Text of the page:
Dublin Zoo's financial difficulties should force a debate on whether wild animals should be kept in captivity at all.
The zoo yesterday launched a public appeal – warning that it would be forced to permanently close its doors without financial support.
The appeal raised €1m within 12 hours – with the Government also pledging to step in and support it to remain open through the pandemic.
On Newstalk Breakfast this morning, former Solidarity TD Ruth Coppinger said the financial difficulties should raise concerns about “whether it's good to keep animals in captivity in zoos in general.”
“I think that it was very heartening to see the huge public support,” she said.
“I think people believe that they are benefiting the animals, but I would raise whether the welfare of animals is served by keeping them in captivity. I think zoos exist primarily to make money – as was shown by Dublin Zoo, having to make the appeal.”
She said there are many examples of animal cruelty at zoos around the world.
“There were 500 deaths in one zoo, in Cumbria, in four years,” she said.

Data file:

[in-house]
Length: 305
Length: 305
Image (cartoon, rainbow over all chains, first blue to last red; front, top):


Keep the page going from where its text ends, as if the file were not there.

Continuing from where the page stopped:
“Animals display stressful behaviours. Many of them are on antidepressants and I think we have to ask, is the life that we are giving to captive animals good enough to make caging them or holding them justified?
“If you really want to encourage conservation, it would be much better to do it in the areas where these animals are native to.
“So, for example, since the 1980s, mountain gorillas have increased fourfold in Gabon. That was done without active breeding and it was done in a situation where they are under threat.”
Yesterday, Dublin Zoo Operations Manager Gerry Creighton said the zoo has built up an international reputation for conservation and animal welfare – participating in “incredible breeding programmes for rhinos, for apes, for big cats.”
Ms Coppinger said there are 78 different species of animal at the zoo – including 14 that are endangered, nine that are critically endangered and one that is facing extinction.
She said it means around two-thirds of the species are in no danger – a figure she claimed was even higher in other zoos.
“If what zoos are doing is so important for conservation, why don't they [get public funding]?
“The problem is, if people don't come, zoos are forced then to get animals that people want to see. All around the world, they’re forced to get babies and they'll be bred even when there isn't enough room.
“So, we had story in 2014 in Copenhagen when a giraffe was killed - a two-year-old - and then fed to the Lions, because it was considered surplus. This is something that goes on in zoos all around the world.”
She said it would be more beneficial to use technology to teach children about wild animals in their natural habitats.
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